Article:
(Reuters) - Celgene Corp (CELG.O) on Thursday reported third-quarter profit rose 37 percent on a double-digit rise in sales of its flagship multiple myeloma drug Revlimid, and the U.S. biotechnology company expressed great confidence in a closely-watched treatment for Crohn’s disease it recently acquired.
Celgene shares jumped 5 percent after the company said it was finalizing plans to move the Crohn’s drug, GED-301, into Phase III trials following a presentation at a medical meeting this week of midstage data that showed high and durable remission rates.
RBC Capital Markets analyst Michael Yee called the data “strikingly positive” and said the company’s comments gave investors a lot of confidence in the drug.
“It could be a multibillion-dollar opportunity,” he said.
Celgene also raised its full-year adjusted earnings forecast by five cents and now expects $3.65 to $3.70 per share. It also now sees 2014 revenue exceeding its previous forecast of $7.60 billion.
Revlimid sales increased 19 percent to $1.3 billion as patients were using the medicine for a longer duration. Analysts were looking for sales of $1.26 billion.
A U.S. Food and Drug Administration decision is expected in February on whether Revlimid can be used as an initial therapy rather than after a prior treatment has failed, which would boost sales. A similar decision pending in Europe is expected in the first half of next year, Celgene said.
The company also plans to present data in December with an eye toward significantly increasing the number of patients eligible to receive Revlimid for the blood disorder myelodysplastic syndromes.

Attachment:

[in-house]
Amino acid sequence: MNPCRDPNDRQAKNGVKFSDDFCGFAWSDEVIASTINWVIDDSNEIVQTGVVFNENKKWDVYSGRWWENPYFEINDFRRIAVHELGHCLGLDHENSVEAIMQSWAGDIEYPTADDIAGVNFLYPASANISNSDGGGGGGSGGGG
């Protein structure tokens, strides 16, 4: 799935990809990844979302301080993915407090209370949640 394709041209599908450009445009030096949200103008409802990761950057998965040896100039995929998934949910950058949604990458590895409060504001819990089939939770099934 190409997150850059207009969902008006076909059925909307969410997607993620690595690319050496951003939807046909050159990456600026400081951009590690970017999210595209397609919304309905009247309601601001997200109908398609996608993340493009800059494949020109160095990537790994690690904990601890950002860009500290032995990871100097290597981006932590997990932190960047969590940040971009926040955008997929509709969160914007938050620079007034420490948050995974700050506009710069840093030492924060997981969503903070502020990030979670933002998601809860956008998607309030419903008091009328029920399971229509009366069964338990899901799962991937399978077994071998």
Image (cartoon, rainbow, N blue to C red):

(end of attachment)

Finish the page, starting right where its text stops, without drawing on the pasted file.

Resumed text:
Celgene said net profit rose to $508 million, or 61 cents per share, from $372 million, or 43 cents per share on a stock split adjusted basis, a year ago.
Excluding one-time items, Celgene earned 97 cents a share, exceeding the average analysts’ estimate by 2 cents, according to Thomson Reuters I/B/E/S.
Revenue totaled $1.98 billion, versus the Wall Street estimate of $1.96 billion.
Sales of Abraxane for breast, lung and pancreatic cancer of $212 million fell short of analysts’ estimates of $232 million. Celgene said U.S. sales were hurt by competition in breast cancer, but expects pancreatic sales to rise in Europe as the launch there accelerates.
The company expects full-year Revlimid sales to slightly exceed $4.95 billion and Abraxane sales to reach $850 million.
Celgene’s newer multiple myeloma drug Pomalyst had sales of $181 million for the quarter, topping Wall Street estimates of $176 million.
“Revlimid and Pomalyst were particularly strong,” Cowen and Co analyst Eric Schmidt said.
Psoriatic arthritis drug Otezla had sales of just $18 million in its first full quarter. A September U.S. approval of Otezla for the skin condition psoriasis, which has a far larger patient population than the related arthritic condition, should help jumpstart sales of the new medicine.
Celgene shares rose $5.00, or 5.2 percent, to $98.73 on Nasdaq.
Reporting by Bill Berkrot in New York; Editing by W Simon, Chizu Nomiyama, Jeffrey Benkoe and Andrew Hay